My brother Larry is a very dynamic person. He is charming and witty, a brilliant lawyer, a collector of fine British automobiles, and an aficionado of fine wines. He is an award winning trumpet player, and an international man of mystery. He is also an excellent cook. So when he sent me a recipe, along with its entire history, and followed that up with a phone call the very same day, I knew that Banoffee Pie was coming to my kitchen soon.
The Hungry Monk restaurant in East Sussex, UK. Bananas and toffee combine to create Banoffee, a rich, sticky, and heavenly combination embraced by a Graham cracker crust and topped with a cloud of homemade whipped cream. Invite company when you make this. It is far too tempting to keep it around the house for long.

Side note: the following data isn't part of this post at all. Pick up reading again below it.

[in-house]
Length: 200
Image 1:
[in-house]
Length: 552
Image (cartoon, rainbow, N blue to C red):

With only 5 ingredients, this recipe is as easy as can be. Making the toffee, though, can take time. What the British call toffee is better known in Florida as Dulce de Leche, or milk candy in Spanish. It is often made by submerging an unopened can of sweetened condensed milk in a pot of boiling water, and allowing it to simmer for 3 hours. By that time, the milk has darkened and become a sweet, thick confection. Sounds exciting. And maybe a little scary. Cooking for Engineers offered a microwave approach, but the mention of liquid napalm made me nervous. I settled for the comfort of a familiar double boiler. I should also tell you that when I bought the sweetened condensed milk, I also bought a can of Nestle's Dulce de Leche. Hey, it's the same thing...they just did the 3 hour cooking in a can for me. I made the toffee in the double boiler, and it was delicious. Then I opened the ready made can and guess what? Just as good. I can now whip this up in no time.